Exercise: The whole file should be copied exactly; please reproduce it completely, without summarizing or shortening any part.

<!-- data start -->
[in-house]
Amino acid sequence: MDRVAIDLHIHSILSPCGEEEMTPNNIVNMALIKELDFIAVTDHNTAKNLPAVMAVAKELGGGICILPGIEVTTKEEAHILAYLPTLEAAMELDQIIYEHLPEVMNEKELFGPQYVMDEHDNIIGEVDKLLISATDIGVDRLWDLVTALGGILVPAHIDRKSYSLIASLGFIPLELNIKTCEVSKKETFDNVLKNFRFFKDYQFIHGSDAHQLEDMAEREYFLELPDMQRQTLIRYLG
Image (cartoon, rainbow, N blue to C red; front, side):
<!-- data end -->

[in-house]
Amino acid sequence: MDRVAIDLHIHSILSPCGEEEMTPNNIVNMALIKELDFIAVTDHNTAKNLPAVMAVAKELGGGICILPGIEVTTKEEAHILAYLPTLEAAMELDQIIYEHLPEVMNEKELFGPQYVMDEHDNIIGEVDKLLISATDIGVDRLWDLVTALGGILVPAHIDRKSYSLIASLGFIPLELNIKTCEVSKKETFDNVLKNFRFFKDYQFIHGSDAHQLEDMAEREYFLELPDMQRQTLIRYLG
Image (cartoon, rainbow, N blue to C red; front, side):